When you fail, learn what you can from the mistakes, adapt so next time there is different outcome, and start working toward the next success. Maybe you will experience a win, or maybe a different failure, but it is always a step closer to the solution.
The buzz about Google Glass, a form of wearable computing, reached zeitgeist status after SxSW. Now mainstream media is picking up the hype drum for a product that won’t even be released until next year. Should marketers care? It’s a very reasonable question, and there may be two answers. First, marketers should care, not necessarily about Glass, but what the device represents. Wearable computing promises to take ubiquitous mobile Internet access and layer unprecedented information into our day-to-day existence. Commonly called augmented reality, users can interact in two ways: Sharing and accessing information anywhere. Geoff Livingston on Google+
As the flood of content marketing continues to populate the interwebs, you’re starting to hear context come to the fore. Context was the overriding theme at yesterday’s xPotomac conference with almost every session featuring conversation about the need to provide context. It’s ironic, because in reality great brand and marketing campaigns have always resonated thanks to context. From the Maytag Man to Oreo’s slam dunk Instagram ad during the Super Bowl, people had an affinity to the creative and message. Moving back to today, the Internet content of now demands time. Whether it’s a few seconds to absorb a photograph or several minutes to read a thoughtful post, you need to stop paying attention to whatever else you are doing […]
Perhaps the most noteworthy change in digital media in the recent past is the rise of visual media. From photos and now increasingly videos, we’ve seen Instagram and Pinterest become two of the top social networks, both ranked in the top 50 U.S. web sites overall by Comscore. And to boot, Facebook and Google+ have reacted making visual media core components of their networks. That’s not to mention new upstarts like SnapChat and Vine. The revolution continues with the full integration of visual media. Jen Consalvo, COO and co-founder of TechCocktail, is presenting next week at xPotomac on the visual revolution. Here’s a sneak peak at some of the things she’s going to talk about… GL: How has photography changed […]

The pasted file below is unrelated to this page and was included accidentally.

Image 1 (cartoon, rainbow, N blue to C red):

Current content conversations focus on the written word as conveyed via interactive or print. That’s about to shift toward more immersive media experiences, forcing marketers to write and design for live environments. Immersive media creates a new demand for dramatic writing skills, usually the domain of more artistic forms such as plays, films and broadcast. The crossroads is here. While most content marketers focus on blogs, newsletters, white papers and guides, the need to develop visual and audio centric media increases. In discussing the Google Glass Project/augmented reality session for next week’s xPotomac conference with Patrick Ashamalla, we focused on these challenges. In many ways, interactive designers and writers know this shift is caused by the untethered internet. Today, most […]
Image by NEXT Berlin Andrew Keen remains the most constant and prolific critic of digital media advances and their impact on society. His books Digital Vertigo and Cult of the Amateur have made him a bit of a pariah in some circles, and an intellectual hero in others. He was the ideal choice to close xPotomac on February 25, as the conference discussed future technologies. This podcast offers a sneak preview, which is also transcribed below… We got into all sorts of fun things, including big data, influencers, privacy and other digital termites. GL: Well, we’re really excited to have you here in D.C. and I can’t wait to see you. First of all, for people that don’t know you, […]